Tesla (TSLA) CEO, Elon Musk, has taken off the gloves and is offering an innovative new hybrid lease that promises to bring in thousands of new buyers of his revolutionary, all electric S-1 sedan.
The package eliminates the downside risk that concerned prospective customers about the resale value of their cars down the road. Under the program, Tesla will buy back your car at 50% of the purchase price after 36-39 months. This equates to a rate of depreciation that is on par with other premium, high-end vehicles, like Mercedes, Porsche, and Jaguar.
Assuming that you buy the 85 kWh, 270 miles range S-1 for $79,900, this works out to a monthly payment of $1,025, also in line with the market. Tesla people tell me that since the plan was announced, 90% of the buyers have opted for the lease option. Many are actual cash buyers who are placing the maximum $50,000 down with the intention to pay off the $30,000 balance in six months, just to get the free put option on the vehicle.
Tesla is also moving full steam ahead with its national supercharger network, which will enable electric car owners to drive coast to coast. Only 45 minutes is required to obtain a full charge. Just last night, my S-1 upgraded itself online and I was presented with new superchargers in Gilroy and Bakersfield, California. I can now make it down to San Diego.
Elon has promised to take his family on such an expedition as soon as the infrastructure is in place some time next year. I am considering my own trip from San Francisco to Chicago, which according to MapQuest, I could do in 30 hours. After all, it will be free, less the investment of my own time at the wheel, and the wear and tear on the tires.
When I was a teenager during the 1960’s, I hitchhiked from the West to the East coast more than 30 times. I used to race my younger brother from Los Angeles to New York, who finally won with a record time of 49 hours. I met a lot of strange people in those days. Once, I was picked up in Texas by a nervous, chain-smoking woman driving a souped up Dodge Dart fleeing a violent husband, seeking refuge in California. She drove like a bat out of hell the entire way, and we made the Golden State in record time. It’s funny, the things you remember.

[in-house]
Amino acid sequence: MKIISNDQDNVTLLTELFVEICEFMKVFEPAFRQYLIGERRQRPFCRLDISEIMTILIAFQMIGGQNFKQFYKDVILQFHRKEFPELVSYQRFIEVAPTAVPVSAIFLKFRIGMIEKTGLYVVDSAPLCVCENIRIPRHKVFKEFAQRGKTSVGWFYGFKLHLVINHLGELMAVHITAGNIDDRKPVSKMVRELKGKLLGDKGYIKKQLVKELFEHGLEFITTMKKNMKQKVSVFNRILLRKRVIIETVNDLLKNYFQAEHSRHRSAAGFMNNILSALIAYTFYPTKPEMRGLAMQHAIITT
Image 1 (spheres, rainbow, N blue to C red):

A drive across the Great American Desert can have a cleansing, almost rejuvenating effect, as long as you don’t mind the country western music on the radio. The last time I did this was during the eighties, when I drove my sister to graduate school at Texas A&M. That little foray found me line dancing with a bunch of drunken Aggies in a College Station bar. How is it that everything surreal that happens to me always occurs in Texas?
But I digress. Tesla has quit making the 40 kWh, 130-mile range version of the S-1, as virtually all demand was for the long range model. The waiting list is now down to two months, which is why they took the next step on the marketing front. The four-wheel drive Model X is still on schedule for 2014, and I am number 645 on the waiting list for that vehicle. I have already wired my Lake Take house for 220 volt recharging. Who cares what the price is!
When I stop at traffic lights in the city, I still get applause and thumbs up from cheering groups of pedestrians. And then there are those little notes tucked under the windshield wipers from admiring young women asking for rides. That, alone, is worth the $100k. The State of California has already sent me my $2,500 Clean Vehicle Rebate, and I plan to claim my $7,500 Qualified Plug-in Electric Drive Motor Vehicle Credit (form 8936) on my federal tax return this year.
I have received a lot of emails about the weekend Barron’s article panning Tesla. Elon says he can drop the cost of his batteries from $400 to $200 in five years, making his planned mass market $40,000, 200 mile range “Gen III” Tesla profitable. General Motors (GM) says he can’t. Given the recent track record of the two companies, I am more inclined to back Elon.
Let me tell you what is really going on here. The automobile establishment absolutely hates Tesla, because Musk has proven everything they said was impossible. Tesla doesn’t advertise, as its innovative, low cost business model sells all of its cars online. This is why they are banned in Texas, which hasn’t the slightest interest in seeing non-oil forms of transportation succeed.
Tesla also doesn’t advertise. Open the pages of Barron’s, and you will find ads extolling the virtues of General Motors, Ford, (F), and Chrysler, but not one from the disruptive Tesla. It’s the same with the financial industry. Barron’s often publishes damning exposés on tiny companies you have never heard of, but extolls the great wisdom and foresight of PIMCO, Fidelity, and Morgan Stanley, their largest advertisers. That is the free market, capitalist world we live in.